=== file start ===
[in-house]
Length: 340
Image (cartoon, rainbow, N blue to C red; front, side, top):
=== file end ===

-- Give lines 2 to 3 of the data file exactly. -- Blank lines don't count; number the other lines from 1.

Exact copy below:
Length: 340
Image (cartoon, rainbow, N blue to C red; front, side, top):